Serbian Central Bank Sees Economic Growth Below 2% in 2015

Serbian economic growth will slow next year because of the Ukrainian crisis, declining exports and the government’s efforts to curb the budget deficit and public debt.

Growth will fall below the National Bank of Serbia’s February forecast of 2 percent as car, agriculture and crude oil product exports will slow, the Belgrade-based bank said in its quarterly inflation report today. The economy will expand 1 percent this year, after 2.5 percent gain in 2013.

“We will wait to see how things develop, considering that one of the biggest foreign investments, the South Stream, has been slow to materialize because of the geopolitical crisis and developments in Ukraine,” central bank Governor Jorgovanka Tabakovic said at a briefing in Belgrade.

Prime Minister Aleksandar Vucic, whose government took office on April 27, needs to adopt a series of measures to rein in public spending and narrow the deficit, helping the central bank reassess growth, Tabakovic said.

The European Bank for Reconstruction and Development sees GDP growth at 1 percent this year and next, the slowest among Balkan nations because of likely “significant spending cuts” and “important trade and investment links with Russia,” it said.

The planned austerity is the key to convince the International Monetary Fund to support the biggest former Yugoslav republic with a new program.

IMF Talks

“We expect them to already come at the end of May so we can continue talks, but it depends on the government when the IMF actually comes to accelerate talks on the new deal,” Tabakovic said. The IMF may want to wait until after the laws are passed in late June, she said.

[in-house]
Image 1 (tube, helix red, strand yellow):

The government’s consolidated fiscal gap amounted to 7.7 percent of GDP in the first quarter, with 4 percentage points resulting from interest-rate repayments, the governor said. A deal with the IMF would serve as an “additional guarantee to investors that Serbia is pursuing responsible and sustainable economic policy,” Tabakovic said.

There are “no more excuses for Serbia,” Tim Ash, an emerging-markets economist at Standard Bank Plc in London, said in an e-mail. “This will be a key test of whether they are really serious about reform, i.e. whether they sign up on the dotted line to a new program” and “I will turn much less constructive on this credit if they baulk yet again.”

Falling Yields

The yield on Serbian Eurobonds, maturing in 2021, fell 3 basis points, or 0.03 percentage point, to 4.778 percent by 1:44 p.m. in Belgrade, falling for the 13th straight day to the lowest level in a year, data compiled by Bloomberg show.

The Narodna Banka Srbije cut its benchmark interest rate by half a percentage point to 9 percent on May 8. It will monitor the Ukrainian crisis’s effect on the country’s risk premium and commodity prices as well as the results of budget cuts and “structural reforms” to gauge the pace of further cuts, she said.

Weak domestic demand will rein in imports, which will help narrow the current-account deficit to “below 4 percent” of economic output this year. The gap, traditionally above 10 percent of gross domestic product, almost halved last year to 5 percent of GDP.

Inflation will stay close to the lower end of the target band of 2.5 percent to 5.5 percent through June, gradually picking up in the second half of 2014. Bank lending shrank 3.4 percent in the first three months of the year as bad loans rose to 22.2 percent from 20.7 percent in December, the bank said.

To contact the reporter on this story: Gordana Filipovic in Belgrade at gfilipovic@bloomberg.net

To contact the editors responsible for this story: James M. Gomez at jagomez@bloomberg.net Elizabeth Konstantinova

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